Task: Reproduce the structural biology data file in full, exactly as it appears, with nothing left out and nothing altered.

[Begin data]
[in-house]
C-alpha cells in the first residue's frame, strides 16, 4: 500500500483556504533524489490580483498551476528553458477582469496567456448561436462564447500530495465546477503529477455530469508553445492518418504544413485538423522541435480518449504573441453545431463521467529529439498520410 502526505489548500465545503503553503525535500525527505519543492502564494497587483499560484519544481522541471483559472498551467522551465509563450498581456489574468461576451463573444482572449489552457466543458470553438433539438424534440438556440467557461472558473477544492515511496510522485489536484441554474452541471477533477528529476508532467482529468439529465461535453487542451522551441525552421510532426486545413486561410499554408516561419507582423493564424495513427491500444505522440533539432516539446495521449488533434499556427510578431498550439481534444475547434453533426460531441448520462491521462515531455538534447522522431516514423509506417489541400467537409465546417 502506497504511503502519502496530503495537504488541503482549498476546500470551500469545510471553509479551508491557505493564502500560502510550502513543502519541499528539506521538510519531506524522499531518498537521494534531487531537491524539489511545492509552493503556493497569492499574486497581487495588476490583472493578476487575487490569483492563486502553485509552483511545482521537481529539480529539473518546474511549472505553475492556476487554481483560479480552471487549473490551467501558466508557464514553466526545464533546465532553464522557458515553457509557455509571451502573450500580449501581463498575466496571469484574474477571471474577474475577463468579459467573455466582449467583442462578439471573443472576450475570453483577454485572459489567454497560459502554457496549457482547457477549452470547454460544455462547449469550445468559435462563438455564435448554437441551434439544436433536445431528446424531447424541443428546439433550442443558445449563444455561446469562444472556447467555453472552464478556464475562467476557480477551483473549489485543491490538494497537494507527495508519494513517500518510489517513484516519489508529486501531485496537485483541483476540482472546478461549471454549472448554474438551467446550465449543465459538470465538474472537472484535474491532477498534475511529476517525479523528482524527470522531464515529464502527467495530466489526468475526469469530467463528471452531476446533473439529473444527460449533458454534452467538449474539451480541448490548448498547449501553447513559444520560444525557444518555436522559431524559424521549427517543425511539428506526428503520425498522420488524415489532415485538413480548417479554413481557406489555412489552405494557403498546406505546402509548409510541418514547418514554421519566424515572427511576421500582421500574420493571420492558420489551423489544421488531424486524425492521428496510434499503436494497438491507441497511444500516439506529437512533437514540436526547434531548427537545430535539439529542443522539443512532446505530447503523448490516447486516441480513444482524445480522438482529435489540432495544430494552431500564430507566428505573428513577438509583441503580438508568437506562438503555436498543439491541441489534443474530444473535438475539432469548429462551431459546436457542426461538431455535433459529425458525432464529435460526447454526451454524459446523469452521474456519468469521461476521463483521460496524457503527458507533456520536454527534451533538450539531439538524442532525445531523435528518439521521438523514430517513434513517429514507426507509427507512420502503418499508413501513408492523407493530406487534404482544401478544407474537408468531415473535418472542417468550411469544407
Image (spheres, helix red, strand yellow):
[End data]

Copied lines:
[in-house]
C-alpha cells in the first residue's frame, strides 16, 4: 500500500483556504533524489490580483498551476528553458477582469496567456448561436462564447500530495465546477503529477455530469508553445492518418504544413485538423522541435480518449504573441453545431463521467529529439498520410 502526505489548500465545503503553503525535500525527505519543492502564494497587483499560484519544481522541471483559472498551467522551465509563450498581456489574468461576451463573444482572449489552457466543458470553438433539438424534440438556440467557461472558473477544492515511496510522485489536484441554474452541471477533477528529476508532467482529468439529465461535453487542451522551441525552421510532426486545413486561410499554408516561419507582423493564424495513427491500444505522440533539432516539446495521449488533434499556427510578431498550439481534444475547434453533426460531441448520462491521462515531455538534447522522431516514423509506417489541400467537409465546417 502506497504511503502519502496530503495537504488541503482549498476546500470551500469545510471553509479551508491557505493564502500560502510550502513543502519541499528539506521538510519531506524522499531518498537521494534531487531537491524539489511545492509552493503556493497569492499574486497581487495588476490583472493578476487575487490569483492563486502553485509552483511545482521537481529539480529539473518546474511549472505553475492556476487554481483560479480552471487549473490551467501558466508557464514553466526545464533546465532553464522557458515553457509557455509571451502573450500580449501581463498575466496571469484574474477571471474577474475577463468579459467573455466582449467583442462578439471573443472576450475570453483577454485572459489567454497560459502554457496549457482547457477549452470547454460544455462547449469550445468559435462563438455564435448554437441551434439544436433536445431528446424531447424541443428546439433550442443558445449563444455561446469562444472556447467555453472552464478556464475562467476557480477551483473549489485543491490538494497537494507527495508519494513517500518510489517513484516519489508529486501531485496537485483541483476540482472546478461549471454549472448554474438551467446550465449543465459538470465538474472537472484535474491532477498534475511529476517525479523528482524527470522531464515529464502527467495530466489526468475526469469530467463528471452531476446533473439529473444527460449533458454534452467538449474539451480541448490548448498547449501553447513559444520560444525557444518555436522559431524559424521549427517543425511539428506526428503520425498522420488524415489532415485538413480548417479554413481557406489555412489552405494557403498546406505546402509548409510541418514547418514554421519566424515572427511576421500582421500574420493571420492558420489551423489544421488531424486524425492521428496510434499503436494497438491507441497511444500516439506529437512533437514540436526547434531548427537545430535539439529542443522539443512532446505530447503523448490516447486516441480513444482524445480522438482529435489540432495544430494552431500564430507566428505573428513577438509583441503580438508568437506562438503555436498543439491541441489534443474530444473535438475539432469548429462551431459546436457542426461538431455535433459529425458525432464529435460526447454526451454524459446523469452521474456519468469521461476521463483521460496524457503527458507533456520536454527534451533538450539531439538524442532525445531523435528518439521521438523514430517513434513517429514507426507509427507512420502503418499508413501513408492523407493530406487534404482544401478544407474537408468531415473535418472542417468550411469544407
Image (spheres, helix red, strand yellow):